To classify Anna Hu as an overachiever would be an understatement. The New York-based Taiwanese jeweler, who will open her first U.S. store at the Plaza today, holds two master’s degrees — in art history from Parsons The New School for Design and in arts administration from Columbia — and is an award-winning concert cellist. (She studied at the New England Conservatory of Music and has played alongside the likes of Yo-Yo Ma.) She’s also a mother of two.
Hu, 31, maintains that music was her first love, and her heart was set on stardom. “I didn’t want to be a chamber or orchestra player,” says Hu, who, while soft spoken, is not shy about her ambitions or accomplishments. “I always wanted to be a soloist.” Her career as center-stage cellist never happened, not for lack of trying — Hu’s grueling practice schedule, up to eight hours a day, resulted in tendinitis in her shoulder in 1997. With her musical options limited to a seat in the orchestra or teaching, she enrolled in summer school at the Gemological Institute of America, located at 580 Fifth Avenue, where her father, a diamond dealer, kept a Stateside office.
Indeed, Hu had a head start on her official stone studies. “When I was eight years old, I accidentally opened a door and saw lots of white rocks on a table,” recalls Hu, dressed casually — jeans and a big sweater — aside from an enormous seashell-shaped diamond ring that she twirls on her finger. “I asked my father, ‘What’s that?’ It was all so shiny, and what girl doesn’t like shiny things?” After that, when Hu wasn’t practicing cello, she was sorting diamonds by color, shape and size.
Such high-glam knowledge certainly came in handy when Hu decided to pursue jewelry in earnest, beginning with a formal education. After receiving her GIA certification, Hu enrolled in design classes at the Fashion Institute of Technology, where she met legendary Harry Winston jeweler Maurice Galli. Under his tutelage, she was designing her own pieces, many of them musically inspired, at age 25. “I started with something simple, shapes like a cello hole or music notes,” she recalls. “But my teacher told me it was too literal.”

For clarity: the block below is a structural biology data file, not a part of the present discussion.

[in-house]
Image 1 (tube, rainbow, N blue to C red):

Six years later, Hu, who two years ago opened an appointment-only salon in Taiwan and estimates that about 50 percent of her work is custom, prides herself on offering a rarefied experience along with rare gems. Treated stones simply won’t do. “In the industry, I’m known as the girl who asks for trouble,” she says, claiming that she has at times searched for years to find just the right gems to realize certain designs. Her collection ranges vastly from the approachable ($3,000 pieces) to the ultraluxe ($3 million pieces) and includes such flights of fancy as the Anemone ring, full of dégradé Kashmir sapphires and diamonds; the Pony brooch, studded with pink diamonds, and the Dancing Crane, an extravagant necklace full of black and white diamonds and Baroque pearls that converts into a bracelet and brooch.
While both Hu’s Taiwan and Plaza salons — the latter is projected to do $5 million in first-year sales — are oceans away from Paris, they are designed to emulate the elegance of Place Vendôme’s haute joailliers, and the attitude of at least one of them. She says she admires JAR’s Joel Rosenthal’s selective process and has turned away at least two prospective clients. “I like to know where they come from,” says Hu. “If someone is into comparing prices, then it’s hard for me to work with them. It’s all about chemistry. Certain people click with certain jewelry.”
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